Thursday 23 April 2015

Off to the East Coast: Kingston and Montreal

And so, since there was no way to top Disneyland, we got on a plane and left the West Coast behind, headed for the second leg of the trip - the East Coast.

Removing a whole lot of powder from the car in Montreal
Stay tuned for - cold weather in Montreal and Quebec City, wintery chaos on Prince Edward Island and in Halifax, snow banks as tall as me in Boston and slush in New York. Yes, all the snow that they didn't have in California, they were apparently storing for us out East. When we picked up our rental car at Toronto Airport, there was a snow scraper included. We soon appreciated that little piece of thoughtfulness!

We started our East Coast adventure with a short and peaceful interlude in a little town called Kingston. Why Kingston? I hear you ask. Well, one fantastic reason. My friend, Meghan. She moved to Australia for 5 all-too-short years and taught at my school so when we knew we were headed over I knew we had to spend some time with her. I got to visit her school and spend a morning with her class. We had dinner with her mum and and her brother, who I'd heard about but obviously never met. Another old friend of mine, this one from my exchange year in Ontario who now lives in Ottawa, drove down to Kingston with his wife and we had dinner together which was fabulous.

Kingston had a winter festival happening while we were there, so we rugged up and headed downtown. We did some outdoor ice-skating and waited for a while for some maple candy which never eventuated (made by pouring hot maple syrup onto snow - they had special clean snow in buckets, they didn't just use the random stuff from the ground - but they didn't get the temperatures right or something). We went in a snow maze which Will beat me through (not that I'm competitive, I'm really blowing my mild-mannered cover here.... it wasn't a very good cover anyway).

After that much needed break from running around madly from place to place, we embarked on our next stage of the trip. Off to Montreal!

I really like Montreal. My dad lived there for a while and my family visited and I thought it was a lovely city. I discovered on this trip that I could never never never live there. I wouldn't make it through one winter! But, we only had a certain amount of time there, and we weren't going to spend that time indoors, so I put on all my clothes, all of them, and we headed out into the cold. I had the bright idea that we should do a city walking tour I'd found online. Walking. Outside. In the cold. Silly idea. We did find some cool things though.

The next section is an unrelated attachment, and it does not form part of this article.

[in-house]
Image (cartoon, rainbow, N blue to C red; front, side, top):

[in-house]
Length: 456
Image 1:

Not just regular poutine,
fancy poutine!
This is something like Canada's national food. When you go to McDonald's in Canada, you can have your fries 'poutined'. It's fries, with gravy and cheese curds. I've never been a huge fan but when in Rome... so we found a restaurant called La Banquise that only serves different types of poutine. It's something of a Montreal institution apparently, open 24 hours so you can go and stave off your hangover with lots of fries and cheese and gravy. I had poutine with guacamole, tomatoes and sour cream, Will had some other dish designed to induce a heart attack, I think it had cut up hot dog on it. Where's the cultural experience where you eat a lot of salad and vegetables? I think I need to go there next.

Notre Dame Basilica of Montreal

Montreal is in the French part of Canada, which means the Catholic part of Canada, which means pretty, pretty churches. The Notre Dame Basilica is absolutely knock-out. Neo-Gothic so all very dramatic. Plus, I don't think there's a surface in there that isn't decorated. Walls, windows, columns, floor, ceiling, it's all covered. And the decorators were of the 'I'm not sure it's finished, whack a bit more gold on it' school of design. We were there when a guided tour in
English was starting so we hung around for that which was a good idea because the tour guide was an impossibly cheerful, well-informed women with a very cute French accent who was simply delightful to listen to. Apparently the architect was Protestant (quel horreur!) but converted to Catholicism on his death bed just so he could be buried in 'his' church. I personally am planning on painting all my ceilings blue with little gold stars when I get home. I'm sure it will work just as well in my house as in the vaulted ceilings of a basilica.

After that we wandered the streets for a bit freezing various bits off (I had to sew my own fingers back on at least three times) taking photos of random attractive buildings until it seemed like we had legitimately touristed for long enough, at which point we went home and huddled in front of the heating vents until we thawed out. I still really like Montreal, but I think I'll stick to going in summer from now on.

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